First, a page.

By Komson Silapachai, Sage Advisory
A rising tide lifts all boats, but do rising rates lift all assets? The yield on 10-year Treasury notes rose above 3% last week – the highest it’s been since 2014 – and the yield on two-year Treasury notes hasn’t been this high since the 2008 financial crisis.
When interest rates rise, many investors fear a negative effect on the economy. A combination of rising inflation, increased bond supply, and the Federal Reserve’s tightening policy have caused the recent increase in yields. In what ways could higher rates lead to lower growth, and more importantly, how should ETF investors position themselves?
Higher Rates – A Risk Factor for The Economy?
Here are how higher interest rates could negatively affect growth:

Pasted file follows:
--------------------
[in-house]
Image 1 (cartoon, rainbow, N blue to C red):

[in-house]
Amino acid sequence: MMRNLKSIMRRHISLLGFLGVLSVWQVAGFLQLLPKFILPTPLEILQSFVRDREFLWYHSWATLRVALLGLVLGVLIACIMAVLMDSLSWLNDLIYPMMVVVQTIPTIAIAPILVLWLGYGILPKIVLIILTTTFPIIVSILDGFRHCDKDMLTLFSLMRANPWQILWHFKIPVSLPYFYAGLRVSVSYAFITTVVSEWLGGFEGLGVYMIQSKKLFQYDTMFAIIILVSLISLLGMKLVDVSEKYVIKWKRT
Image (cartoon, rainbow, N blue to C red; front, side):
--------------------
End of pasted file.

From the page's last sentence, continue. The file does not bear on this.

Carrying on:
- Rising interest expense for the corporate sector. Companies that finance their operations with debt incur interest expense, which drives down profit margins. According to JPMorgan, a 100 basis point increase in bond yields typically results in a 1.5% drag on S&P 500 earnings (not including financial services companies, which would see a benefit to earnings). Until recently, rates had remained relatively low since the financial crisis, and the lower interest expense has been a huge driver of corporate profit margins. Increasing rates would in theory reverse that trend. However, the impact of higher rates is mitigated by the fact that corporate debt has generally been issued at longer maturities (an average of 10-plus years) and at fixed rates, so rising interest expense is not an immediate concern at the macro level.
- Lower consumer demand due to rising interest expense for households. Higher interest expense decreases the level of disposable income, which should lower consumption and as a result, reduce GDP growth. This impact is somewhat mitigated as households have deleveraged over the past decade, and household debt service ratios remain at multi-decade lows.